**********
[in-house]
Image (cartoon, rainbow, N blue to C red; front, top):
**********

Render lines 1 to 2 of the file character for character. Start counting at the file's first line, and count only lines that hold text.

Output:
[in-house]
Image (cartoon, rainbow, N blue to C red; front, top):